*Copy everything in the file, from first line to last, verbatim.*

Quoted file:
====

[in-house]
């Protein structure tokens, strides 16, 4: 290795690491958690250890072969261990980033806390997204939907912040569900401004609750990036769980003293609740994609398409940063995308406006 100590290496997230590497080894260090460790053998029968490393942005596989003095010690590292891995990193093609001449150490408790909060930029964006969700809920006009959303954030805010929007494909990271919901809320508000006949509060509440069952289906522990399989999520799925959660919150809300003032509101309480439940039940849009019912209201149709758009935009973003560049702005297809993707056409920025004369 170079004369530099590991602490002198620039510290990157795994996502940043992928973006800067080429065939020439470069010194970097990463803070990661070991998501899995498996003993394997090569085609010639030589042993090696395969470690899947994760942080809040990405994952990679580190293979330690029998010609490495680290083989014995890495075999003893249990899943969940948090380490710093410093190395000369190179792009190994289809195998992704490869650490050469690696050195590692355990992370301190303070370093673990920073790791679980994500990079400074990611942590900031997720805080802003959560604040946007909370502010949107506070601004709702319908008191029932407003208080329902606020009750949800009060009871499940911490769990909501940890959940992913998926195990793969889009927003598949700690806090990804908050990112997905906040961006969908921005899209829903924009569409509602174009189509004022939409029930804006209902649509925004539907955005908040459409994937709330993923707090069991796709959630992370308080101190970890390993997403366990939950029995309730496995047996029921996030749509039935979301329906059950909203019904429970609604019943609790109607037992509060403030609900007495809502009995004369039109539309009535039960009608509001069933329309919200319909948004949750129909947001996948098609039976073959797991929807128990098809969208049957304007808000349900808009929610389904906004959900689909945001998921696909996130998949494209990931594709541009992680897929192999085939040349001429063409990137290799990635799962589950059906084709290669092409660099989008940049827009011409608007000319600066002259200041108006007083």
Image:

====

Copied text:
[in-house]
């Protein structure tokens, strides 16, 4: 290795690491958690250890072969261990980033806390997204939907912040569900401004609750990036769980003293609740994609398409940063995308406006 100590290496997230590497080894260090460790053998029968490393942005596989003095010690590292891995990193093609001449150490408790909060930029964006969700809920006009959303954030805010929007494909990271919901809320508000006949509060509440069952289906522990399989999520799925959660919150809300003032509101309480439940039940849009019912209201149709758009935009973003560049702005297809993707056409920025004369 170079004369530099590991602490002198620039510290990157795994996502940043992928973006800067080429065939020439470069010194970097990463803070990661070991998501899995498996003993394997090569085609010639030589042993090696395969470690899947994760942080809040990405994952990679580190293979330690029998010609490495680290083989014995890495075999003893249990899943969940948090380490710093410093190395000369190179792009190994289809195998992704490869650490050469690696050195590692355990992370301190303070370093673990920073790791679980994500990079400074990611942590900031997720805080802003959560604040946007909370502010949107506070601004709702319908008191029932407003208080329902606020009750949800009060009871499940911490769990909501940890959940992913998926195990793969889009927003598949700690806090990804908050990112997905906040961006969908921005899209829903924009569409509602174009189509004022939409029930804006209902649509925004539907955005908040459409994937709330993923707090069991796709959630992370308080101190970890390993997403366990939950029995309730496995047996029921996030749509039935979301329906059950909203019904429970609604019943609790109607037992509060403030609900007495809502009995004369039109539309009535039960009608509001069933329309919200319909948004949750129909947001996948098609039976073959797991929807128990098809969208049957304007808000349900808009929610389904906004959900689909945001998921696909996130998949494209990931594709541009992680897929192999085939040349001429063409990137290799990635799962589950059906084709290669092409660099989008940049827009011409608007000319600066002259200041108006007083």
Image: